Ahava Products
Ahava Products Israel news photo (file)

Israel's most famous luxury beauty creams, soaps, oils and salts make the average person glow.  But some members of the Dutch parliament are red in the face at the notion that Ahava Dead Sea skincare and beauty products might be manufactured in a Jewish community in Judea and Samaria.

Dutch Foreign Minister Maxime Verhagen asked the Dutch Finance Ministry to investigate the status of Ahava products at the behest of Dutch Socialist Party parliamentarian Harry van Bommel. Bommel, who is an avid pro-Palestinian activist, is determined to find out if Ahava products are produced in "the Occupied Territories [and] exported under the Israeli flag, making profits for the occupier."

Ahava products are exported to Holland with a "Made in Israel" stamp. However, Dutch socialists say the beneficial minerals infused in Ahava products belong to Arabs. According to them, Kibbutz Mitzpe Shalem on the northwest shore of the Dead Sea – where Ahava products are produced – is situated on Arab land, and should not garner tax revenues for the State of Israel.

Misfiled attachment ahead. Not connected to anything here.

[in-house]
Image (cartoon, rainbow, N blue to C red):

As part of an economic agreement between Israel and the European Union (EU), Israel has to distinguish between products made in pre-1967 Israel and products made in parts of Israel liberated during the Six Day War. Products made in Judea and Samaria are subject to higher tariffs. The investigation will determine whether Ahava is benefitting from the lower tax bracket enjoyed by Israeli companies not producing out of Judea and Samaria.

Bommel says he will work for a Dutch boycott of Ahava if Israel is found to be using raw materials belonging to an "occupied nation."

In the past, a Dutch pro-Palestinian group called the Badjassen Brigade ran a "Stolen Beauty" campaign against Ahava, holding demonstrations outside stores selling the famous Israeli products. It is currently fighting the sale of Ahava products in Holland.

Ahava was also recently attacked in Britain.  Model and actress Kristin Davis, spokesperson and model for Ahava, was dropped by British charity organization Oxfam as a result of her business relationship with the company.

Britain has recently decided that all imported Israeli products manufactured in Judea or Samaria must be labeled as such by retailers.